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Hedge Fund Billionaire Ray Dalio Explains the World

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Provided by The Business Insider's Courtney Comstock:

Ray Dalio says some Euro countries will default on their debt or go into recession, and that countries like China and India will be the next world leaders.

"We worry about Europe not being able to solve its problems," he told Bloomberg Markets Magazine.

Dalio's fund places trades based on its (and Dalio's) view on the global macro economy. He's one of the best at it, and arguably THE best right now, with an incredible (15% annualized returns since inception) track record and stunning performance that is currently returning investors 25% in the flagship fund within his massive $122 billion Bridgewater, the biggest hedge fund in the world. Other hedge funds managers are returning ~15% at best.

In other words, he's been right about the economy in the past, and currently, he's more right than most.

He puts the world in perspective in Bloomberg Markets Magazine, which just named him one of the 50 most influential people in global markets.

Dalio divides the world into two groups.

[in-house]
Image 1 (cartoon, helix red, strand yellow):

Here's how he describes the first, developed debtor nations (the U.S, Greece, Spain, and Italy, for example):

  • They spent years overspending, financed by their government's borrowing
  • They are in the process of deleveraging debt
  • As a result, they are being forced to lower their debt relative to their income levels, constrain spending levels and make improvements in the job market
  • Some are worse off than others. Greece, Spain and Italy, for example, can't print money to pay off their debts. To make up for slow credit growth, they will have decade-long depressions and debt defaults.
  • The U.S. is trading like a country in decline

The second are emerging creditor countries (Brazil, India and China, for example). Here's what's happening there:

  • They are leveraging up
  • They will account for 70% of global GDP in 15 to 20 years versus 47% now. Read: They will be tomorrow's economic leaders.
  • Some, such as India and China, have currencies and monetary policy linked to those in the U.S. They are experiencing inflation because their interest rates are too low. They will have to unlink from the U.S. or face intolerable conditions.
  • They are trading more like blue chips

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